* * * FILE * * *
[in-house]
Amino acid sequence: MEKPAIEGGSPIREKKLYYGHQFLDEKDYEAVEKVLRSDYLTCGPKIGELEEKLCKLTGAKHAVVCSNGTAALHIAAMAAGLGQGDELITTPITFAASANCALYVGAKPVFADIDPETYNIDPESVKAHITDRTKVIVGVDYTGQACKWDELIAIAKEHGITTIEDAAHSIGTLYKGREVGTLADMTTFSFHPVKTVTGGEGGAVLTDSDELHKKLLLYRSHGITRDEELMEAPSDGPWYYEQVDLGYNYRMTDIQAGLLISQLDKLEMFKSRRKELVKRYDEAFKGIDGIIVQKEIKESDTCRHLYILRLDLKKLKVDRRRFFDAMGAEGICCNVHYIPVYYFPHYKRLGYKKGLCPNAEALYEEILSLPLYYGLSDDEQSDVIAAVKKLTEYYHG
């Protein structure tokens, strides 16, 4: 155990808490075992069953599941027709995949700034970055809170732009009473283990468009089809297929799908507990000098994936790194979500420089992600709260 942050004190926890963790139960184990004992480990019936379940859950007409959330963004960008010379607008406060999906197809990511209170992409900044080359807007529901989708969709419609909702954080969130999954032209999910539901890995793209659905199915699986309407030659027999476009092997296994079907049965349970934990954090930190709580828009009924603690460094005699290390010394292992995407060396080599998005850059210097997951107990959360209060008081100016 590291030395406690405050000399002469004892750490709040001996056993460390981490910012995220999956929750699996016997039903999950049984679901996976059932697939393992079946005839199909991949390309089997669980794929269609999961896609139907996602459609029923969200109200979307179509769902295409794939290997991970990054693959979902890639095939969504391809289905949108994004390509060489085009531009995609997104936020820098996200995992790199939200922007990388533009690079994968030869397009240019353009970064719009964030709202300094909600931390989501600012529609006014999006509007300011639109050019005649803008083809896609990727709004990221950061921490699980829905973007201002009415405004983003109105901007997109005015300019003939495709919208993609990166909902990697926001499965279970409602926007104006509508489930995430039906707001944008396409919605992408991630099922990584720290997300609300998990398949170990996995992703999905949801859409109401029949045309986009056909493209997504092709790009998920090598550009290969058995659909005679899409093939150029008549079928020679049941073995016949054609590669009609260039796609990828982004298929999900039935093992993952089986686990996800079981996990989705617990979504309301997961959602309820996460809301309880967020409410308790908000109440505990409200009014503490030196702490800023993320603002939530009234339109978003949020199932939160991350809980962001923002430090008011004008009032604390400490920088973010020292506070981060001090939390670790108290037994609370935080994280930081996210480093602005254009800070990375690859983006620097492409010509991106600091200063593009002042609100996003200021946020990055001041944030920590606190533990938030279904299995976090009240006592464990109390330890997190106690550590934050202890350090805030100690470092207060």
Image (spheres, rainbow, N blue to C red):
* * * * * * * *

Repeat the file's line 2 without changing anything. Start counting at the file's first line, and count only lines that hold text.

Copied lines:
Amino acid sequence: MEKPAIEGGSPIREKKLYYGHQFLDEKDYEAVEKVLRSDYLTCGPKIGELEEKLCKLTGAKHAVVCSNGTAALHIAAMAAGLGQGDELITTPITFAASANCALYVGAKPVFADIDPETYNIDPESVKAHITDRTKVIVGVDYTGQACKWDELIAIAKEHGITTIEDAAHSIGTLYKGREVGTLADMTTFSFHPVKTVTGGEGGAVLTDSDELHKKLLLYRSHGITRDEELMEAPSDGPWYYEQVDLGYNYRMTDIQAGLLISQLDKLEMFKSRRKELVKRYDEAFKGIDGIIVQKEIKESDTCRHLYILRLDLKKLKVDRRRFFDAMGAEGICCNVHYIPVYYFPHYKRLGYKKGLCPNAEALYEEILSLPLYYGLSDDEQSDVIAAVKKLTEYYHG